Figure 3 Axonal damage identified in multiple sclerosis lesions by immunostaining for nonphosphorylated neurofilaments (A—D) and visualized by DAB immunohistochemistry (A, B) or immunofluorescence (C, D, green). Demyelinated axons and axonal ovoids suggestive of axonal transection were detected in chronic active (A) and active MS lesions (B). While most axonal ovoids had single axonal connections indicative of axonal transection (C, arrows), some had dual axonal connections (C, arrowhead). Nonphosphorylated-neurofilament-positive axons (D, green) are undergoing active demyelination (arrowheads, red is myelin basic protein). Two axons end in terminal ovoids (arrows). (Panels C and D reproduced from Trapp et al., 1998, with permission.)

Figure 3 Axonal damage identified in multiple sclerosis lesions by immunostaining for nonphosphorylated neurofilaments (A—D) and visualized by DAB immunohistochemistry (A, B) or immunofluorescence (C, D, green). Demyelinated axons and axonal ovoids suggestive of axonal transection were detected in chronic active (A) and active MS lesions (B). While most axonal ovoids had single axonal connections indicative of axonal transection (C, arrows), some had dual axonal connections (C, arrowhead). Nonphosphorylated-neurofilament-positive axons (D, green) are undergoing active demyelination (arrowheads, red is myelin basic protein). Two axons end in terminal ovoids (arrows). (Panels C and D reproduced from Trapp et al., 1998, with permission.)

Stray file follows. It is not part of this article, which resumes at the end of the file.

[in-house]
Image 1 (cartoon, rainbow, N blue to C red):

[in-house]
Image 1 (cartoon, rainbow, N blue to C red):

confocal microscopy images provided conclusive evidence that many of the axonal ovoids contained a single axonal connection and therefore were the proximal ends of transected axons (Fig. 3C). Quantification of terminal ovoids identified a strong correlation between axonal transection and the inflammatory activity of lesions. On average, more than 11,000 terminal ovoids/mm3 were detected in active lesions, more than 3,000/mm3 were identified at the edge of chronic active lesions, and approximately 900/mm3 were detected within the core of chronic active lesions. In contrast, control white matter contained less than 1 transected axon/mm3. The correlation of significant amounts of axonal transection with inflammation in patients with short disease duration when inflammatory demyelination is predominant helped establish the occurrence of axonal loss at disease onset in MS (Fig. 3D).